THOSE who search endlessly for panaceas and nostrums will find that a federal system of government proves to be an ineffectual pill for curing the economic and social earthquakes of today. There is an inevitable circuitousness and lack of simple, direct action inherent in the very nature of federalism which, as De Tocqueville saw as early as 1835, stems from "a theory which is necessarily complicated, and which demands the daily exercise of a considerable share of discretion on the part of those it governs."1 In the United States, the difficulties inherent in the federal formula have been enhanced by the exercise of judicial review over acts of both federal and state legislation so that the boundary between the powers of the two governments has shifted and continues to shift, now in one direction and now in the other. The actualities of life and the problems of governmental administration in the far-flung and interdependent country of the United States do not fit tidily into a "scrupulous insulation of disparate interests which, formally at least, is the presupposition of the distribution of governmental authority."2There is, therefore, a great lack of reality in discussions in terms of federal versus state powers, or indeed in any attempt to separate into watertight compartments the federal and state levels of government.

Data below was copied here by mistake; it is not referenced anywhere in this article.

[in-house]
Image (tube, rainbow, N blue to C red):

Various forces have impelled the development of cooperative interrelationships between the two governments as means by which the American constitutional system may be accommodated to meet the needs of the actualities of life in the United States. The very distribution of power between the federal and state governments has been an important cause of the development of arrangements to catch up the loose threads where the powers of one____________________